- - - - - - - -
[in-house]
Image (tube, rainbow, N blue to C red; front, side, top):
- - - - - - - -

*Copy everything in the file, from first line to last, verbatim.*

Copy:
[in-house]
Image (tube, rainbow, N blue to C red; front, side, top):